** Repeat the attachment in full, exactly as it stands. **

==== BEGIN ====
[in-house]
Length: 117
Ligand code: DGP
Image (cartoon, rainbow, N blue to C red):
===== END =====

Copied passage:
[in-house]
Length: 117
Ligand code: DGP
Image (cartoon, rainbow, N blue to C red):